What are your three biggest tips for anyone learning Chinese?

I actually have four:

  1. I believe it is important to commit long term to learning. Learning Chinese won’t happen overnight, it takes time. The fun comes as you get better with the language.
  2. I really like to use technology as part of the learning process. As writing software is my secular job, I’m always looking for ways to improve the learning process and help make learning Chinese more efficient. I think students should be on the look out for where technology can help them learn.
  3. When you get burned out (and you will!) take a rest or back off on the “learning pressure”. Taking classes everyday in China was great, but can quickly become overwhelming. So you can vary your learning methods as you get overwhelmed with one in particular.
  4. Remember why you started learning in the first place. Likely there was a reason you started learning Chinese, chances are that reason still exists and if you focus on that, you won’t give up learning no matter how long or frustrating it is. ; )

How would you compare learning Chinese in somewhere like Chengdu versus Beijing or Shanghai?

Beijing and Shanghai have many more expats, so naturally the opportunity to speak English socially is higher. If your goal is to go to China to learn Chinese, this might be something you want to take into consideration. Perhaps other cities like Chengdu or similar ones where expats are present, but not as many, will ensure you have a good opportunity to learn Chinese. Not to mention the cost of living, since Beijing and Shanghai are both really expensive.

Aside from your smartphone, what have been your most valuable tools for learning Chinese?

Making friends with local Chinese. Learning “real Chinese” from the locals along with the culture behind the language.

What do you think the future of learning Chinese looks like? Apps, or something else?

It should be interesting, I hope to see a continued focus on blending technology and traditional learning methods

Not to mention, I think great things happen when local Chinese and expats work together to develop Chinese related learning techniques and technology, as that is how we developed nommoc.

Many thanks to Charlie and Chengdu Living for the opportunity to talk about Chinese learning. I really hope we can join together and help stop “expat illiteracy”! 一起加油!

Links to Check Out

You can download nommoc for $0.99 for any iOS device here: nommoc on iTunes, or visit the official nommoc homepage with more information. If you haven’t already, check out the Learning Chinese post series on Chengdu Living, too.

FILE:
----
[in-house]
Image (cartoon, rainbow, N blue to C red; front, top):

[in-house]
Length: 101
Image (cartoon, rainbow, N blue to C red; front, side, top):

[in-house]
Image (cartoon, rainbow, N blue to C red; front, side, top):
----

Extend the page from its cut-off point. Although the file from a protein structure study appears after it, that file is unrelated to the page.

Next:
Related Posts with Thumbnails

About Charlie

Having lived in Chengdu for seven years, Charlie has traveled to every corner of China and back again, calling the Yulin neighborhood of Chengdu his home. He's a part time DJ and full time iPhone game developer, too.

28 Responses to “Combatting “Expat Illiteracy” With Apps”

  1. Vincent NL

    I’ve been learning Chinese at the university for 1.5 years now and I agree at the start it seemed impossible to read and write.

    However if you put time in it, the reading is actually not all that hard. Lots of characters are connected and radicals or parts of the character help you with the meaning or pronunciation. Living in China you also see characters daily; outside, on a menu, using Weibo and Wechat, which all help your learning process.

    But the writing is something totally different. Without a quick look at a character or without the first 1-2 strokes to start with I can’t write all that much. Nowadays with the use of computers and phones who writes anyway?!? It’s mainly pinyin that you use to type.

    • I can relate. I’ll never forget shortly after I arrived in Chengdu when I saw an expat responding to text messages in Chinese: I was amazed. Seeing that was an early turning point in learning to read and write Chinese for me – I knew it was possible, and shortly after I committed myself to it.

      I’m exactly as you describe with reading and writing – reading is no issue for me but freehand writing is very difficult. I think that’s because I rarely write freehand and I often don’t mentally associate characters with the radicals that are within them. The key to writing freehand that I’ve learned is that you just remember which radicals are in each character, and then reproducing them becomes easier.

      A few weeks ago at our house party I saw Larry of the Natooke Bike Shop writing a menu on a black board. Writing things like beer and water in Chinese is easy, but writing french fries (薯条) is really impressive. I think I’ve met a handful of expats in Chengdu that have reached that level of proficiency at writing Chinese without referencing anything.